Echoes of the WeekThe Illustrated London News, vol. 45, no. 1271, p. 127.
July 30, 1864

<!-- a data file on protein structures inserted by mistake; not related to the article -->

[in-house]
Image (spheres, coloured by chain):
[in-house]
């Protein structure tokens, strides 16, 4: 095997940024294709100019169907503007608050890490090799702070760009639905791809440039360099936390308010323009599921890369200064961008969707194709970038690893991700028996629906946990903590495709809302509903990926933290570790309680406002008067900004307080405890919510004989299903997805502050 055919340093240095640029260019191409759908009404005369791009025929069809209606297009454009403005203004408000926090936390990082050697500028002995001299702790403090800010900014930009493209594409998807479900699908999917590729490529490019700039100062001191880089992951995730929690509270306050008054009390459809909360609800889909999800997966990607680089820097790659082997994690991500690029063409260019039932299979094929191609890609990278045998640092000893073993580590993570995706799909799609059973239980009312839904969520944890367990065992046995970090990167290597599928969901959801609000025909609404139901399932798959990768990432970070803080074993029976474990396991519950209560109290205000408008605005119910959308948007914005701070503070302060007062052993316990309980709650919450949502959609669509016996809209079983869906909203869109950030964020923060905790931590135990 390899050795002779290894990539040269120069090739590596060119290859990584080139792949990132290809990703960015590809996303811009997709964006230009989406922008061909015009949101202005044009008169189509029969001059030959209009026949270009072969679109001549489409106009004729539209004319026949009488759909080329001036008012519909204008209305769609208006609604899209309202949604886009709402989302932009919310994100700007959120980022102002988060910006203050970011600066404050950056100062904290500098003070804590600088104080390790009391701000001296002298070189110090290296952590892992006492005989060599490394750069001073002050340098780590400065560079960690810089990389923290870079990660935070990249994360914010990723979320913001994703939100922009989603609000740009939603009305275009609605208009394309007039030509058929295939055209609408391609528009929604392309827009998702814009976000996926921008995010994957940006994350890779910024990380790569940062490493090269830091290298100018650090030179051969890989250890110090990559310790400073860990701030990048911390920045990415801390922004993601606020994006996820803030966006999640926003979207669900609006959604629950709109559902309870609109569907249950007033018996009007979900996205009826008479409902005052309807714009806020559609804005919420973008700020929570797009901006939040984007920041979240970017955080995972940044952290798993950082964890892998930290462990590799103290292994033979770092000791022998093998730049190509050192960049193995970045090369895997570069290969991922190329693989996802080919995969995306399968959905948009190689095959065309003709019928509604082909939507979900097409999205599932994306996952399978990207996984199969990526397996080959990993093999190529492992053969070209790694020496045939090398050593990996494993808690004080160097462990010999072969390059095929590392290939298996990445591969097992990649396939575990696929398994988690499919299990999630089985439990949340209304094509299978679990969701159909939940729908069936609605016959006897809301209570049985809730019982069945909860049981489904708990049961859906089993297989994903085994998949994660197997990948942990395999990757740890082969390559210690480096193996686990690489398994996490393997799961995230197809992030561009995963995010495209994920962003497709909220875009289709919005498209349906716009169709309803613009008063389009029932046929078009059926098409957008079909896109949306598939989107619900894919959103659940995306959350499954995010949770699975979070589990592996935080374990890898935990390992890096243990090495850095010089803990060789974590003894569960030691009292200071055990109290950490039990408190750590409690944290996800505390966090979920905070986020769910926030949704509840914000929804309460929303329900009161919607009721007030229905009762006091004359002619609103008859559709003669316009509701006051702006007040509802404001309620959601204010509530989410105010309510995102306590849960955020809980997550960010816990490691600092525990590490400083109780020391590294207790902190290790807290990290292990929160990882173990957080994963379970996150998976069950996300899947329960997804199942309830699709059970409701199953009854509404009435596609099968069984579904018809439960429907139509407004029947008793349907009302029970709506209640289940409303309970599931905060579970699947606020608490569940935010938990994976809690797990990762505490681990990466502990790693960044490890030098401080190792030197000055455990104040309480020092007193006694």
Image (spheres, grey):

When Mr. Gideon Welles goes out of his way to assure Captain Winslow that in destroying the "piratical craft Alabama" he destroyed the best maritime effort of the most skilled English workshops and the best battery of England, with the only successful 100-pounder yet produced in Great Britain, served by a crew of superior English training on board H.M.S. Excellent, we are quite aware of his meaning. We all know what a pointed aside means in a tragedy or farce. When the swaggering captain tells his friend, in the presence of the unmistakable peace-lover, "My pistols are loaded to the muzzle, and I can snuff a candle at twenty paces," what can he mean but to terrify the poor fellow. Of course, as may be expected, poor John Bull shakes in his ironclads, and trembles even at Wimbledon. But the recapitulation is as gratuitous as it is insulting and untrue. Captain Blakeley's 100-pounder is not the only one we can turn out, and the sinking of the Alabama had very little to do with her guns or her crew--weak wooden sides are not calculated to resist steel shot, or, as the late Mr. Selby said in one of his farces, "it's no use a tryin' to stop a cannon ball with a humbrella." Might we suggest to America U.S. that it is undignified for their Secretary to the Navy to talk at us like an angry woman at her rival, or to write like Mr. Jeaffreson Brick, the war correspondent of the New York Stabber, when he addressed the "tyrannical despot Victoria, seated, in the midst of her Guards, at her palace in the Tower of London."...
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